Except BMW includes a rev-matching facility by default, which negates the need to do this. It does work well, helping to stabilise the car, and if you also blip the throttle while changing down the system seems to recognise this and doesn't add more throttle on top. Nonetheless, we'd like the option to turn it off. Thankfully, toggle into Sport+ mode and it's gone. There are just three settings to choose from in the Driving Performance Control (DPC) system - Comfort, Sport and Sport+ - and, unusually for an M car, not much else to tweak. Adaptive dampers aren't even on the options list, which reveals how confident BMW M's chassis engineers are in its standard set-up. In fairness, the DPC system alters a lot, from the throttle map to the power steering weighting and the Dynamic Stability Control (DSC) threshold.
Unlike the M3/M4, which take a little learning and judicious use of the 'DSC Off' setting, the M2 proves to be highly trustworthy at and on the limit of adhesion and there's no fear in turning the DSC off in the dry if you know what you're doing. We got the chance to fully explore it on track and it's a wonderfully adjustable chassis, yet one that flatters the driver, allowing all skill levels to enjoy it to the full. Driving smoothly, it rewards with direct and communicative steering, ballistic performance and an obedient nose. Even after eight hard laps of the challenging Laguna Seca race track the brakes remained strong and though the tyres were clearly hot, the front end resolutely refused to understeer.
In Sport+ mode, the DSC is automatically switched into M Dynamic Mode (MDM), which BMW says allows controlled drifts on track. It does work well when lapping quickly, allowing just the right amount of slip at the rear axle on the exit of tighter turns to help maintain momentum out of the corners. But it needs to be switched off if you want to really drift. And the M2 proves to be hilariously simple to power slide around on track, with plenty of steering lock, a responsive throttle and a little something called the Active M Differential. This is shared with the M3/M4, but it has been thoroughly reprogrammed for the M2 and we're told that it is what gives the new car its unique driving talents.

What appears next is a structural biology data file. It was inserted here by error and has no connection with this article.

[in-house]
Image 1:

We followed up the track work with a few hours on the road. Somehow we found a back road in California that bucks and weaves through the countryside as severely as any in Ireland, with plenty of nasty ridges, dips, crests and potholes. All we were missing was mud from tractor tyres and some rain... Here the M2 was even more impressive than it was on track. The road was narrow and had many a corner blind, yet the BMW scythed through it, making it a doddle to maintain indecent pace in safety, all the while revelling in the feedback and ability of the chassis underneath. It feels more like a biddable hot hatch at times so responsive to direction change is it, though no hot hatch can give that thrilling rear-drive attitude out of tight corners (maybe the new Ford Focus RS). While the suspension is quite firm, it also deals with bumps with ease, shrugging them off and getting on with putting its power down. I honestly can't think of another car that would have been as well suited to that particular piece of road. Can't wait to try it out here in Ireland.
What you get for your money
Although the M2 is expensive to buy (€78,370 on-the-road for the manual model, or €78,916 for the DCT auto), it is very well equipped, including Xenon headlights, Professional Media Package, satnav and more. There aren't as many options as you'd expect either, as BMW M wanted to keep the car simple. It's a shame that the manual version costs so much more than the auto to tax due to its higher CO2 emissions (€1,200 vs. €750). Still, the M2 is over €20,000 cheaper than the BMW M4, which makes it a bargain in our books.
We'll acknowledge that we have yet to try the new BMW M2 in wet weather or on slippery surfaces, but first impressions suggest that it'll be a lot better suited to Irish roads than its big brothers, the M3 and M4. It's a much more forgiving car to drive, flattering its driver yet remaining thoroughly engaging in the process. It looks great, is perfectly sized and though it's not cheap to buy, the end result is one of the most rounded cars yet to come from BMW M.